She says previous efforts to engage her husband on the matter were futile as he adamantly said he would never allow his wife to use any family planning.

Mercy says her former mother-in-law made it even worse for her as she would influence her son (Mercy’s husband) by openly telling him that any woman who uses family planning must be cheating on her husband.

“After our fourth baby, we were struggling because my job wasn’t bringing much and my husband was just a tout. I didn’t want more kids and so I really nagged him about it. When I was sure he would never agree, I secretly bought some pills and began taking them,” she says.

Unfortunately for Mercy, her husband found the pills, which she had stashed in her kids’ bedroom, and threw them away.

“That night he forced me to have sex with him, knowing very well I had not used the pills. It was the most horrible night of my life and I thought I would end up pregnant. But I'm grateful I didn’t,” she adds.

Now with a more stern resolve, Mercy says she secretly visited one of the major hospitals in the region and had a five-year Norplant injected in her arm.

However, in April last year, her husband discovered the implant and threw her out of their home.

“I have been living at my parent's home all this while. I don’t have much regret apart from the fact that I can't take care of my children,” Mercy says.

For Gentrix Lutome, 36, hers was a case of a supportive spouse but failure for some reason of every family planning method she used.

Unfortunately for her, the now mother of five says all the methods of family planning have backfired and left her nursing an unwanted pregnancy each time.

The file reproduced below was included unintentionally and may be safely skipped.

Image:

She says efforts to have her husband undergo a vasectomy did not work as her husband would hear none of it.

"The plan was just two kids and now we have five. I have been on the three-month injection, pills and implant but I still got pregnant. I have felt a vasectomy would help but my husband won't do it," she says.


Agnes Makuto, a social worker attached to the Malava General Hospital, says men’s low acceptance and near rejection of family planning in Western has to do with the fact that family planning and reproductive health services are designed for women.

This means even the family planning clinic itself is designed to be more welcoming to the woman more than it is to a man, Makuto says.

She says as a result, men miss out on family planning information and services, seeing as even health workers may not have the training or skills necessary to meet men’s reproductive needs.

“The clinics are both inconvenient and unwelcoming for men. They will also not want to mix with women for fear of being seen to be henpecked or even considered effeminate,” Makuto says.

She says overriding factors are widespread myths and misconceptions about family planning for men and women.

The social worker points to the lack of access to accurate information about male contraceptive methods and the fact that most men may not know how to use them correctly or may have misperceptions and fears that prevent them from using the methods.

She says the myths and misconceptions have equally frustrated any efforts to encourage vasectomy among men as a form of family planning.

“We have heard men who say believe family planning will alter their women’s sexual appetite to be low,” Makuto says.

“Then we have those who believe that somehow vasectomy will damage their organs and render them unable to function sexually.”

She cites the limited number of male contraceptive methods available, provider bias against male methods, and unfavourable social climate as among the reasons for male complacency in the family planning debate.

To enhance the level of male involvement in family planning issues in Kenya, Makuto says accurate and adequate information, which pays special attention to health education campaigns targeting men, is key.

"This will address the knowledge and information gap and demystify myths and misconceptions.

WATCH: The latest videos from the Star